Classic and Old Cars at the Cusp of the Electric Generation

By: Shelia Dunn, NMA Communications Director
Out of necessity, many of us still drive older cars in our daily lives. The average vehicle age is currently over 12 years, and the average cost of a new vehicle hovers near $40,000. The chip shortage has even pushed the price of some used cars and trucks to the same as their original price […]

Out of necessity, many of us still drive older cars in our daily lives. The average vehicle age is currently over 12 years, and the average cost of a new vehicle hovers near $40,000. The chip shortage has even pushed the price of some used cars and trucks to the same as their original price right off the lot. 

Classic cars are old, but they belong to a different class of owner: sometimes an investor and many times someone who wants to restore a classic to its former glory. Usually, classic cars are driven on weekends and special occasions and infrequently as a daily commuter. 

In many ways, the fate of both class of cars is entwined. 

With both automakers and the federal government pushing electric vehicles as the future, where will the place be for classic and older Internal combustion engined (or gas) vehicles?  The legislatures of California and New York recently passed bills that ban the sale of ICE cars by 2035. In some California communities, new gas stations are not allowed zoning permits.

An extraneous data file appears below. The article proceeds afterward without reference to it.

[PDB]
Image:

Ford announced in April 2020 that it wanted the government to sponsor again a cash-for-clunkers program to help keep people shopping during the pandemic (before the chip shortage, of course). The Car Allowance Rebate System (Cash-for-Clunkers) was enacted during the 2008-09 recession to stimulate new-car sales. The incentive was for owners of drivable vehicles up to 25 years old with an EPA-rated fuel efficiency of less than 18 mpg could trade their ‘clunker’ for cash. Some dubbed the program “I Hate the Poor Act of 2009.” This type of program not only junked many vehicles that were still working but pushed car ownership out of the reach of do-it-yourselfers and for-profit specialists. It was kind of like gentrification of transportation. 

Many classic car enthusiasts shuddered to think at the time how many potentially rare, collectible vehicles were destroyed. Website, forums, and social media were full of posts of all the great cars headed to the scrap heap. It also created a shortage of used vehicles in the US. 

Affordable, used, and reliable vehicles are an absolute necessity for anyone in the US who hopes to escape the poverty trap. Mass transit is nonexistent in many places, and without a reliable car, most people could not keep a job. Even affordable vehicles are challenging to maintain these days due to the expense for anyone working or lower middle class. Vehicle complexity and the lack of right to repair hampers even the most independent amongst us. 

Car technology, public policy, and a growing bias against ICE vehicles are all challenges classic and old car owners face. Another factor is that the younger generation has not taken to tinkering with cars. The average age of the classic vehicle hobbyist is now 55. As fewer enthusiasts take up the mantel, support services for classic and older ICEs will become scarcer. 

An estimated five million classic cars in the US are owned mainly by the baby boom generation (people born between 1946 and 1964). It’s projected that in 2022, a total of 290.8 million registered vehicles will be on US roads. The age of these vehicles will keep rising as many of us who drive 

Written By: Shelia Dunn, NMA Communications Director

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